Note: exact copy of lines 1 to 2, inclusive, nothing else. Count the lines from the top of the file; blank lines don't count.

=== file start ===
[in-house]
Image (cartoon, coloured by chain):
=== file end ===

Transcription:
[in-house]
Image (cartoon, coloured by chain):